To test pill coatings, try a stomach in a flask
LOS ANGELES, Calif. — Pills come in all sorts of shapes and sizes. Some are coated, and some are not. Roshni Sen, 17, wondered if a pill’s coating can affect how long it takes for the pill to break down in the body. To investigate, this senior at the Academy of Science and Technology at The Woodlands College Park in Texas created a “stomach” in a flask. She showed that different types of pills dissolve in different spots in the digestive tract. And that might affect which bottle you would want to reach for when you’ve got aches and pains.
Roshni presented her results at the Intel International Science and Engineering Fair (ISEF). Created by Society for Science & the Public and sponsored by Intel, the yearly fair brings high school students from all over the world together to share their research projects. (SSP also publishes Science News for Students and this blog.)
The teen became curious about how quickly pills dissolve after reading about a new type of pill that was supposed to release medicine inside the body at a constant rate. “I found this paper online talking about this new kind of pill that biomedical engineers made that has a porous outer coating,” Roshni says. It could make a pill’s effects last longer and be more consistent. Realizing how important a coating could be, she soon decided to do an experiment to find out how quickly the different types of pills now for sale dissolved in the stomach and small intestine.
Those pills now on the market come in many shapes and sizes, and with different coatings. Some are liquid inside a gel, or powder inside a gel caplet. Others are tablets or compressed caplets with shiny coatings. This can affect how quickly the medicine inside makes its way into someone's bloodstream.
The teen worked with a drug that's used to treat fever and pain. It's available at any pharmacy and best known by the brand name Tylenol. (Its generic name is acetaminophen and paracetamol, depending on what country you are in.) Most importantly, Roshni explains, “it comes with all the different kinds of coatings I needed.”
She wanted to examine four common pill coatings. A tablet is the most basic. “It essentially has no coating other than the one that just holds it together,” Roshni says. Compressed caplets have a hard, shiny coating. Gel caplets have a gel coating around a powder, and soft gels are made with a gel coating around a liquid.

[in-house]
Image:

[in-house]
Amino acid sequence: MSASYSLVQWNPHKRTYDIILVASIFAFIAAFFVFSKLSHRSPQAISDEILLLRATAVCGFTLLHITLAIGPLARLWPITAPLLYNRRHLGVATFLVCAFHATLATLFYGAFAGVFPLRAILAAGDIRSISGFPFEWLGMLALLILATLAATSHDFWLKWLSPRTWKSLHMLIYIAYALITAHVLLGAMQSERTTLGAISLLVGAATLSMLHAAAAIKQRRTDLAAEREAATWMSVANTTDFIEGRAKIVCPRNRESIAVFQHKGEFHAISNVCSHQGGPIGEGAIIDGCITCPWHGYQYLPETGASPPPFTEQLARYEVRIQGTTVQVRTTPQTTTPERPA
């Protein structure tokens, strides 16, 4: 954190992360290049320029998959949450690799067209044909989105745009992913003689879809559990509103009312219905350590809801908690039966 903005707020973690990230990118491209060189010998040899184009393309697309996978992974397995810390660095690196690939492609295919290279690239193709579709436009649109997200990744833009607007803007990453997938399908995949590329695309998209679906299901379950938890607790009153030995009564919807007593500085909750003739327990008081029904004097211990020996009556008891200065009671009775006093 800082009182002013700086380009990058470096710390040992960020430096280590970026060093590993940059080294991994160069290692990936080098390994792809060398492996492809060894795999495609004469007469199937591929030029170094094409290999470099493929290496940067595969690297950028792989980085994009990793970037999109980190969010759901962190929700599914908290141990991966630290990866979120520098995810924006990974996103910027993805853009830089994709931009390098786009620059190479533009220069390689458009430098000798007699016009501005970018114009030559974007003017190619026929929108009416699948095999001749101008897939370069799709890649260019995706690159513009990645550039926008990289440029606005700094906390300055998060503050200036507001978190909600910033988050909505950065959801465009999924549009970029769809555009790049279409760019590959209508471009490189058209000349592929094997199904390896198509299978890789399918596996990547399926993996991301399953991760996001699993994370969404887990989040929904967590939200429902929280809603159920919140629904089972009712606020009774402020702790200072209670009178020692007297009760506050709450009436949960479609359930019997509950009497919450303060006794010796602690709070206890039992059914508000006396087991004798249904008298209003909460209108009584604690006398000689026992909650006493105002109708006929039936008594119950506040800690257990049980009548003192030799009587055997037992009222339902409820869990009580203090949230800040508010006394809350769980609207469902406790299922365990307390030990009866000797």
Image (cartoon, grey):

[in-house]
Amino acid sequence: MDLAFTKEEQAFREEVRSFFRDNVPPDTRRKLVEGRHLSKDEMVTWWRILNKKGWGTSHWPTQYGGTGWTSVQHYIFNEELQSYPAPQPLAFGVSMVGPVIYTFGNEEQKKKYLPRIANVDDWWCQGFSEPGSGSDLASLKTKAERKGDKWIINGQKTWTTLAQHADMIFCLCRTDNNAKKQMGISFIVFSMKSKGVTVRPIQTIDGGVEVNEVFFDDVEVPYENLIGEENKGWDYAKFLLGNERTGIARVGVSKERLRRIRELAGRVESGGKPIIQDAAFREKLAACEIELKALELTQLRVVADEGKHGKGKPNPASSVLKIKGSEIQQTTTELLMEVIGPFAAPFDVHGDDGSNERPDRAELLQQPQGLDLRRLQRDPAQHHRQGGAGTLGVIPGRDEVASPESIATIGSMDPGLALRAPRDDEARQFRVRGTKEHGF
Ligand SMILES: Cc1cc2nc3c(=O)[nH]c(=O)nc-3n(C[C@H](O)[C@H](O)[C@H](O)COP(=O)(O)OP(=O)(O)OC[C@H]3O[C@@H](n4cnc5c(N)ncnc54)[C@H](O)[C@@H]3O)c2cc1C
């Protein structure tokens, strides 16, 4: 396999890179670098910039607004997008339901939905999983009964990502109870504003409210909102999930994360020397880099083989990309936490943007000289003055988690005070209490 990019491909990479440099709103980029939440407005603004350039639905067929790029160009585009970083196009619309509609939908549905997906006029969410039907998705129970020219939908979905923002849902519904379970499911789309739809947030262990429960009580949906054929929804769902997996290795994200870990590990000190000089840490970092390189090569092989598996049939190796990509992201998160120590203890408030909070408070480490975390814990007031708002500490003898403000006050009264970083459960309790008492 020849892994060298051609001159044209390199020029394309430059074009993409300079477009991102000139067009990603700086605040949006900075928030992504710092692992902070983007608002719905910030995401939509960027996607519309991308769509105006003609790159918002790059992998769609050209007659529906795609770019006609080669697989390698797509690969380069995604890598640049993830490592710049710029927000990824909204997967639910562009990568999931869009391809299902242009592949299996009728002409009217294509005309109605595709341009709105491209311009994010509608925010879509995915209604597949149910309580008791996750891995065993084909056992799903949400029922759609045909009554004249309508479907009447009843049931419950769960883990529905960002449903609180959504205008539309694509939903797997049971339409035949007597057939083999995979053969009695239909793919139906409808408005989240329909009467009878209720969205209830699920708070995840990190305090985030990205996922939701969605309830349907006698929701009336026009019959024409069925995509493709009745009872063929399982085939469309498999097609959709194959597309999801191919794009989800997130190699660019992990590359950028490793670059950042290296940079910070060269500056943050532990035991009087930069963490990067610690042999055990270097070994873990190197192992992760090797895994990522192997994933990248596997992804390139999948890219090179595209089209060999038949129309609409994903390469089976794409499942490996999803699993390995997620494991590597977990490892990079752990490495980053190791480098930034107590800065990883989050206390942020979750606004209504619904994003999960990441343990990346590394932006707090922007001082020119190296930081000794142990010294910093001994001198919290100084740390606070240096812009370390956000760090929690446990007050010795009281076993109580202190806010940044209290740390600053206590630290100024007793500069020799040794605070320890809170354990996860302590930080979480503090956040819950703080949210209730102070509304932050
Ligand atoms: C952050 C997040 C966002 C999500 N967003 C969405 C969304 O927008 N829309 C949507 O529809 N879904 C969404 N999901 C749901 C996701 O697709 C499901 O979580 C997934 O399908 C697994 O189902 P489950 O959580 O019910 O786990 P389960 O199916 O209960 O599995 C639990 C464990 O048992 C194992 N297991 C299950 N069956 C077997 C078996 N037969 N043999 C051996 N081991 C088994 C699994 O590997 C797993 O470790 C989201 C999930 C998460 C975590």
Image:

To test how fast the pills dissolved, Roshni had to come up with a stand-in for the human digestive system. So she created models — simulations — of the stomach and small intestine with acidic solutions in flasks.
The stomach breaks food down so its nutrients can be absorbed by the body. Because of this, the stomach is full of enzymes and acid. The stomach has a pH of around 2. That’s about as acidic as lemon juice or vinegar. The small intestine, where most of the nutrients in food get absorbed, uses mostly enzymes, not acid, to finish digesting the food from the stomach. It is a strong base, with a pH of about 8. That’s about as basic as baking soda. To mimic these environments, Roshni prepared three beakers. One beaker matched the pH of the stomach. Another matched the pH of the small intestine. The third, her control, was pure water, which has a pH of 7.
To mimic the body’s temperature, she heated the beakers to 37° Celsius (98.6° Fahrenheit). She added a small stir-bar in each to keep the mixtures moving. This would stand in for the movement in the stomach and small intestine that mixes food and keeps it moving along.
Working in her school’s chemistry lab, Roshni placed a pill in each beaker. She then waited to see how long it took for the pill to completely dissolve. She repeated the experiment five times for each pill type in each beaker.
In water, all of the pills took more than an hour to dissolve. But there were differences in the acidic “stomach.” The tablets, which didn’t have much of a coating, dissolved the fastest, in about 12 to 13 minutes. The soft gels lasted a little longer, taking 15 to 16 minutes to dissolve, while the gel caplets took 18 to 20 minutes. Compressed caplets proved most hardy. They took 24 to 25 minutes to dissolve.
But Roshni got a surprise when she tried to dissolve her pills in her “intestine” flask. The tablets, soft gels and gel caplets took much longer to dissolve in the basic solution, between 28 and 36 minutes. But the compressed caplets, which withstood the strong acid of the stomach, dissolved quickly in the “small intestine,” in 13 to 15 minutes.
Compressed caplets are covered in an extra coating. It protects the pill from the stomach acid. “The main purpose is to elongate the process,” Roshni explains, making sure the pill does not dissolves until it reaches the small intestine. Why? If a pill dissolves in the stomach, the acid there might also break down some of the drug before it can be absorbed. That would make the pill less effective. Waiting to dissolve in the small intestine may ensure that more of the drug makes it into the bloodstream.
Tablets and soft gels could begin to treat pain and fever faster because they dissolve more quickly, Roshni concludes. But they also might be less effective, because some of their medicine will be lost in the stomach. So in some cases, the compressed caplets may prove more effective, she says.
Drug companies design medicines with different coatings for different purposes. Tablets and soft gels may be useful for quick relief. Compressed caplets, in contrast, may bring longer relief.